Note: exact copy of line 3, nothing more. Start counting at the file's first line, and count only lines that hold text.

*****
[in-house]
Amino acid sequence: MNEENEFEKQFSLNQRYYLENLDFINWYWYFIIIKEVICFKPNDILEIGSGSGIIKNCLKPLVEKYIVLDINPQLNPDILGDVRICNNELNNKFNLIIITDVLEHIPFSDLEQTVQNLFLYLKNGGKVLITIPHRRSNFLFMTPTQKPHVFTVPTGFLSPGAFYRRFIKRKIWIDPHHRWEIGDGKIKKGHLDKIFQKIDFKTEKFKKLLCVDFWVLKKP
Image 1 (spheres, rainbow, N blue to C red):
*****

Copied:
Image 1 (spheres, rainbow, N blue to C red):